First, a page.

Q. You are now married to Paige as you mentioned, who also converted to Catholicism. You have two children. In a culture that is seeing less people get married and so many broken marriages, you two are embracing the sacrament. What has made marriage special for you?
A. Paige is an amazing woman, and I love being married to her because she leads me closer to Jesus every day. That is what marriage is all about. It’s a vocation. It’s something we discern. I have discerned the call to the vocation of marriage. Being married to Paige, we have a responsibility, primarily, to lead each other closer to Christ. it was important for us to get married in the Church because it’s not about us but a unified pursuit of Christ, and together we can help in leading one another and our children to Heaven.
Q. You are also the host of a popular podcast called Cold Brews and Catholic Truths with more than 15,000 subscribers. Why did you start it, and what is it all about?
A. I felt like I was given certain gifts to teach, and I would love to share some of the things in my own conversion and make a few videos about those things. So, I made a few videos and put them on YouTube. I thought probably no one would see them but some friends and family would and that will lead to some good conversations, and that would be it. Then, COVID shut the world down and we were at home and my wife sat me down and she said that she thinks I have gifts to speak and to share the Gospel and talk about the truth of Catholicism, and I should take that YouTube Channel a little more seriously. Initially, I was not that interested because it sounded like a lot of work, which it is. Providentially, one of those videos I made six months (prior), caught some traction and started to take off on YouTube. It seemed like a clear sign to commit to doing one a week and see how this goes. It was out a desire to share the beauty and truth of Catholicism, and specifically some of the things I have found so convincing that have brought me so much joy to my life as a Catholic.
Q. What is your message to teens and young people today who seem to only care about becoming a celebrity and have become so disconnected from faith?
A. All of those things will pass away. St. Paul says that the things that are seen and are transient are passing. It’s the things that are unseen that are eternal. Our identity is being a child of God. That is the only thing that can never be taken away from us.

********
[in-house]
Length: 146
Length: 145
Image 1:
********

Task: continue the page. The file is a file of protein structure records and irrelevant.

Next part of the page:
Blessed Chiara Badano (1971-1990) was a young teenager, a beautiful woman, was very popular, had a lot of friends, was an athlete, was good at tennis, and had a lot of going for her in the eyes of the world and a lot of these things we seek after. In the midst of all that, she was diagnosed with a terminal brain tumor/cancer. She started to lose all these things she could have defined herself by. She started to lose her physical appearance, she started losing her hair, she started to lose friends and popularity and relationships, and lost her athletic ability. Ultimately, she lost her life. But, in the midst of that tremendous suffering, she was somebody who knew that as good as any of those things are, all of those things can and will pass away, but my identity as a daughter of God cannot. She had this deep sense of joy, this deep sense of peace that no matter what things she lost in this world, she knew she would never lose her relationship with Christ. So, don’t seek after those things. Seek after the Kingdom of God and His righteousness.
Q. So, when you think back to that question Paige asked you in high school, “Why are you Catholic?” what is your response today?
A. Because Catholicism is true. G.K. Chesterton said that there are 10,000 reasons why I am Catholic all amounting to one reason which is that Catholicism is true. I believe that Jesus is God, I believe that Jesus came in the flesh to redeem us from our sins, to reconcile man back to God. The good news is that God demonstrates His love for us and while we are sinners, Christ died for me. I am so grateful for the gift of salvation and the fullness of that gift is given to us in the Catholic Church, the Church Jesus Himself established. He gives His grace to us through the Church and through the sacraments. So, those are the reasons I am Catholic.
Answers taken and edited from Andrew Hansen’s interview with Sean Hussey on Dive Deep, the official podcast of the Diocese of Springfield in Illinois. To hear their full conversation, go to dio.org/podcast or search “Dive Deep” on all the major podcast platforms.